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The crackdown will make it easier for authorities to punish Gas, electricity, water and communications companies if they leave highways in a shoddy state.
Companies in England already face fines, court action and bans from future work if they fail to restore roads properly.
The Department for Transport said that new standards will be introduced to force contractors to make sure surfaces do not crumble soon after work is completed.
Concerns have been growing about the state of local roads with some 1.7 million potholes filled in by councils in England and Wales last year.
According to the Asphalt Industry Alliance councils spend almost £100 million filling potholes, which also risk injuries to cyclists and cause damage to cars.
Critics say that roads have been left in a poor state by years of underfunding and pressure on council budgets.
It is expected the new law change could prevent thousands of potholes being left behind by utility companies nationwide and will ensure more roads are resurfaced to a high standard.
A new performance-based inspections regime will be introduced, where the worst performing utility companies whose road works fail to meet strict standards will face financial penalties.
These companies will go on to be inspected more regularly by local authorities to ensure their work meets rigorous criteria and they leave roads in a good condition.
While the majority of companies carry out street works to a high standard and pass inspections, utility companies are on average failing 9 per cent of the inspections that are carried out.
The worst performing utility company is failing a significant 63 per cent of its inspections.
Transport Secretary Grant Shapps said: “The plague of potholes is the menace of our roads. That’s why I’m ensuring companies who create them and leave roads in a poor state can be held to account more easily – protecting drivers from unfair repair costs.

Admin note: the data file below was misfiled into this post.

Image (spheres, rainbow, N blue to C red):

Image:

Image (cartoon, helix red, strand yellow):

“We’ve already invested billions of pounds into roads maintenance, helping local authorities keep their highways well maintained, and I’ll continue working to make sure all road-users around the country can enjoy the safe, world-class infrastructure they deserve.”
The move follows the Government investing more than £5 billion over 2020-2025 into highways maintenance, including the Potholes Fund announced at Budget 2020.
This funding settlement allows local authorities to plan effectively for managing their roads and is enough to fill millions of potholes a year, repair dozens of bridges, and resurface roads up and down the country.
The measures will also help to ease congestion on roads up and down the country.
Companies will now be required to provide local authorities and the Department for Transport’s street manager service with more up to date and accurate data on live road works.
Companies will be asked to provide information about when works start and stop at weekends and all local authorities must send start/stop information about their works.
This will update sat navs and other apps so motorists are aware of where road works are happening and can avoid those areas – preventing traffic from building up.
Plans will also help speed up broadband rollout across the country, through exemptions to restrictions on works for new customer connections.
One third of all road works are carried out by telecoms operators.
The Government will allow exemptions to restrictions which prevent or slow down these companies applying to carry out necessary works.
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